Flash Fiction: Cowboys And Songs

Welcome to my latest contribution to Chuck Wendig’s flash fiction challenge. It’s been too long since I did one of these. I was getting super antsy.

That’s like regular antsy, except I’m wearing a cape.


We were to select one of ten random sentences and use it in a short story. I chose: The memory we used to share is no longer coherent. So be on the lookout for that.


Cowboys and Songs

photo (3)I enter the building and walk down the sterile hall, harshly lit with fluorescent bulbs. Two nurses jabber on behind a desk, pausing to grin at me, I assume in greeting. They’re wearing white uniforms, and three boxes of latex gloves sit on the high counter, ready for immediate use.

It would be nice if they at least tried to not make the place feel like an institution.

I mindlessly enter room 134, as I have every other day for the past three years. Roger sleeps in the bed, still in pajamas, though it’s three in the afternoon.

I stand next to the bed. His so-called “caretakers” hadn’t bothered to shave him since I was last here. His face looks like an old cactus. “Rog, wake up. I’m here to see you.”

He stirs, squints, and eventually focuses on me. “Who? Who’s there?”

“Betty, dear. Your wife.” I pull up the rolling stool the doctor must use when he wants to see if Roger’s mental state has improved. So far, no luck.

“Wife?” He sits up on his elbows. “Well, I’ll be damned.”

“You say that every time. Here, I brought you something.” Reaching into the bag, I pull out his collector’s helmet, the one signed by every player on the 1972 Dallas Cowboys roster. Bringing sentimental items from home could help, they say. “Remember this?”

“Aw, hell yeah!” Taking the helmet from me, he chuckles and coughs. “That was a hell of a game, you know?”

He spends the next ten minutes rambling on about specific plays from the season that occurred forty-three years ago. I wish I could be as delighted as he at the flood of memories.

Out of desperation, I grab our fifty-five-year-old wedding photograph from the bedside table. “What about this, Rog? Do you remember this?”

He takes the picture and analyzes it, looks at me, and grins. “This is you, ain’t it?”

“Yes, and you’re the handsome fellow standing next to me.”

“No shit.” He stares a few more seconds. “How’d I land a looker like you?”

I sit on the edge of the bed. “It had something to do with a raccoon and the dumpster at my apartment building.”

He laughs, and for the thousandth time, I retell the story of our meeting. It doesn’t jog any memories for him. For me, the memory we used to share is no longer coherent – the emotional cousin it used to bring along is no longer there. I’m retelling facts, like a news report. The man who’d played a starring role drifted away from me years ago.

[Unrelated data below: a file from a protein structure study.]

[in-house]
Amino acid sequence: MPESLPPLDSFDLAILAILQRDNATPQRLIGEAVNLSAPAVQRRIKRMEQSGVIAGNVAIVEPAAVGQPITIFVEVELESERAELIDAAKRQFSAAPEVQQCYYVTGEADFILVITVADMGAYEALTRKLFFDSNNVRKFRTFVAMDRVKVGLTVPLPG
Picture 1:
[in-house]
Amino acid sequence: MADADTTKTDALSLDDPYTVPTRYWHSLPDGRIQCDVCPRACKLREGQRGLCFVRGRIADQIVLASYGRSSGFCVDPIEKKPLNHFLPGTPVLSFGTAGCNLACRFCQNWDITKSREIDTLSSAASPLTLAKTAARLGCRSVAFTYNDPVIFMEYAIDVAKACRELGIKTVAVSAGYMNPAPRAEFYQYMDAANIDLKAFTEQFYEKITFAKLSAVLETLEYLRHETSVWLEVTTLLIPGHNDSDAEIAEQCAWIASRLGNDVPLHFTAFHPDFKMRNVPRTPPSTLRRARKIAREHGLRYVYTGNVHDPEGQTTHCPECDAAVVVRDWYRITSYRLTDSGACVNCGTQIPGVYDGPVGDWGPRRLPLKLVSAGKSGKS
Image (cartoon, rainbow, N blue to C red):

“Sounds like a hell of a meeting,” he says.

“It was.” I pat his hand and stand.

“You sure that was me?”

“I’m sure.” I pick up the helmet. “Want me to leave this here?”

“Oh, yeah.” He takes it again, like he’s seeing it for the first time. “That was a hell of a game. Did you see it?”

I don’t want to be angry, but it’s harder to ignore these days. More than half a century I’ve spent with this man, and I’m a ghost to him. Less than a memory. If only I were the 1972 Cowboys.

I leave the helmet on the end table, replacing the wedding picture, which I put into my bag. He has no use for it.

I kiss him on the forehead. “I’ll see you again in a couple days. Tell someone you need a shave.”

He laughs. “Eh, it don’t matter. Who’s gonna see me?”

I pat his cheek and turn around.

“What was that song?” he asks as I’m reaching the door.


“Yeah, there was a song. In the raccoon story. What was that? You didn’t say anything about it.” He hums a familiar melody line.

My heart races as hope invades, a feeling I barely recognize.

I walk back towards his bed and sing along with his melody. When we reach the end of the chorus, we both sing, “P.S. I love you.”

A lump forms in my throat.

“Aw, hon. I didn’t mean to upset you.” He wipes my cheek with his thumb.

For a brief moment, he’s the man in the photograph. My Roger. The one who saved me from the scary raccoon, who married me a year later, who was the father of our five children. He remembers.

I kiss him again, and before I leave the room, I put the photograph back on the table, in front of the Cowboys helmet.

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